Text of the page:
What Airline Mergers Mean for Travelers

When airlines merge, competition disappears.

— -- Where have all the airlines gone?

What does this mean for travelers?

When airlines merge, competition disappears. When competition disappears, prices rise. Oh, not right away, maybe, but it’s a natural consequence when there are fewer airlines to choose from.

Here are some more things to know about the latest airline union.

1. What about the miles?

Airline mergers are only slightly faster than your average tortoise so don’t expect a lot of details on the Alaska/Virgin deal anytime soon. But generally speaking, airlines tip-toe around anxiety-inducing issues like miles programs for fear of upsetting their most valued customer, the business traveler.

2. What’s going to happen in Dallas?

Good question. Virgin switched from flying out of the city’s big hub, Dallas-Ft. Worth International (DFW) in 2014 in favor of Southwest’s stronghold, neighboring Love Field (DAL) and prices have been extra-competitive ever since.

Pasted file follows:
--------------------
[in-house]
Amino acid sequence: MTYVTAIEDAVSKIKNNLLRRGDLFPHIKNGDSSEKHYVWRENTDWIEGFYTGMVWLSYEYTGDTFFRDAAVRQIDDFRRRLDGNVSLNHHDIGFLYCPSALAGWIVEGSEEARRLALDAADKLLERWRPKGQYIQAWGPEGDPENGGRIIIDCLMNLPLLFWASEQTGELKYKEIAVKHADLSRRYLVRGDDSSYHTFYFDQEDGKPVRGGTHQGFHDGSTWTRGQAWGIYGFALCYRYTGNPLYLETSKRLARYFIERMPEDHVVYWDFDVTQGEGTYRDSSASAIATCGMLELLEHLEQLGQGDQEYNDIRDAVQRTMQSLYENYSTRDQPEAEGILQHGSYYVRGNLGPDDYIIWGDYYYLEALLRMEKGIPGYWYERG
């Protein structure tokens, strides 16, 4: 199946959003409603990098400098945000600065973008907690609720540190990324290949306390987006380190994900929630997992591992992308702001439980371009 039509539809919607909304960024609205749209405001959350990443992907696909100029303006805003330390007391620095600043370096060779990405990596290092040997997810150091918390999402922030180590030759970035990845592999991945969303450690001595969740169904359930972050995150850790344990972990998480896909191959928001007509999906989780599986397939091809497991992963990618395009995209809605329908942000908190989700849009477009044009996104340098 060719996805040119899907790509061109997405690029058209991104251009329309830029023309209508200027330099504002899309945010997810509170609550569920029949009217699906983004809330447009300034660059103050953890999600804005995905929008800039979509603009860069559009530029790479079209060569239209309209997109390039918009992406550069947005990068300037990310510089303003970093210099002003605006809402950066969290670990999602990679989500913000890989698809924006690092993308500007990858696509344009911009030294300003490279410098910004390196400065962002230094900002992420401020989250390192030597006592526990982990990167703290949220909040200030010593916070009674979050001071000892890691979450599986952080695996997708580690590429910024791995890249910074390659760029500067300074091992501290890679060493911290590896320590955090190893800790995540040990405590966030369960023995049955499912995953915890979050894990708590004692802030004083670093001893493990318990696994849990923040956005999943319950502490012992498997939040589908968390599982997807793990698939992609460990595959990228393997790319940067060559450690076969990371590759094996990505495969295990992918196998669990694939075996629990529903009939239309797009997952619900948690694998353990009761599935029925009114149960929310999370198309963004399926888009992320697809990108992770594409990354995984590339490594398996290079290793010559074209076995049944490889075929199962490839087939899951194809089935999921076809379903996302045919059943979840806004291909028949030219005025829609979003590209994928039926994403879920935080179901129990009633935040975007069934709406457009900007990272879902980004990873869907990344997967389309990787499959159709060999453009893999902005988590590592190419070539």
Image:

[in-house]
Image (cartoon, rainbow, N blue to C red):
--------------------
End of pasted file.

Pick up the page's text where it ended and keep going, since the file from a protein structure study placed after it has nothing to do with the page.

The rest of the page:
The problem is, Alaska flies out of DFW so where will the new airline be based? At this point, I don’t think anyone knows.

3. What exactly will happen to ticket prices?

Will fares go up? Alaska answers this question simply and succinctly: No. Then the carrier hedges a bit, adding that both airlines offer fares that are “lower than legacy carriers [such as American, Delta, United] and we expect to keep them that way.”

Time for a splash of cold water: The first thing every airline in every takeover says is, "Oh, no, don’t worry about higher ticket prices, not gonna happen!" Until it does. In this case, we’ll just have to wait and see.

4. Will the merged airline still have what I love?

This is a tough one but the good news is, although Alaska and Virgin have such different personalities – old school vs. new school – both share a reputation for consumer friendliness which attracts unusually loyal followings. Virgin, in fact, was recently named top airline by the respected Airline Quality Rating report, a ranking it's held since 2013.

Alaska, for example, is the only airline that offers any kind of baggage guarantee: If the airline doesn’t get your suitcase to the carousel within 20 minutes of arrival you’ve just earned a $25 flight voucher. Virgin, on the other hand, offers food service whenever you want (no waiting on the cart in coach) plus comfy seats and plenty of entertainment options.